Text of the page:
Thanks to the awesome folks at SOASTA we’re now using their mPulse system instead of our own boomerang install. This gives us 2 major wins. First, we’re including the tracking code in the non-blocking asynchronous iframe method, which gives the best possible performance at this point. Second, we can actually see the data. Previously, we just weren’t getting visibility into our boomerang data. We had the data, but weren’t using it, which was a total waste.
Looking at our stats today, mPulse tracks the median page load time. I was looking at the data and thinking, I wonder what it looks like per user. For example, I wonder if users with faster connections typically hit more pages. If they do, that means our median average user load time is actually lower than our median page load time.
Take two users, Alice and Bob. Alice is on her desktop in London with a 100Mbps line. She visits 8 pages. The average load time for her 8 pageviews is 1.2s. Bob is on his iPad over 3G in Alabama. (We’re in the UK, so London is closer!) Bob visits 4 pages. The average load time for the 4 pages is 2.3s. Now our arithmetic mean is somewhere in between the two, but our median, in this case, is one of Alice’s pageviews.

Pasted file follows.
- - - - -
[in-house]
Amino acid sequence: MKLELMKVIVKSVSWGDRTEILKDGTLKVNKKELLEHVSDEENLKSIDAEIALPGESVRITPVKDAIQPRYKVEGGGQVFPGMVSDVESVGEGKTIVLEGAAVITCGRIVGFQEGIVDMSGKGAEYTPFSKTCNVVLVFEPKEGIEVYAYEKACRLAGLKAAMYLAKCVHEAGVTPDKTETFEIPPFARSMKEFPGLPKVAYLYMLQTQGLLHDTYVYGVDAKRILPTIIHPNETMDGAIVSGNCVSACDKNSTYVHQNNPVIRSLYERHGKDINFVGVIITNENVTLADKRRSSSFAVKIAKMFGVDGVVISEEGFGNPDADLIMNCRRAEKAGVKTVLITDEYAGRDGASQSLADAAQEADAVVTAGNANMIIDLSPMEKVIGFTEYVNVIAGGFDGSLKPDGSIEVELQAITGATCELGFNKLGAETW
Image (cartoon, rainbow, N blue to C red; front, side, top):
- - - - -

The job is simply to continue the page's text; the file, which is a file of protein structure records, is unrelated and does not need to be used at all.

What would be really interesting, is to group pageviews by users. To count up all the Alices and Bobs, and then calculate the median (and 95th, 99th percentile) on their averages. That actually tells me, 50% of our users saw a page load of <1.4s, 95% <8s.
Having said all that, the data might actually look very similar to what we’re currently seeing. I’ll try to dig out some of our archived boomerang data, do some analysis, and post an update once I have more info.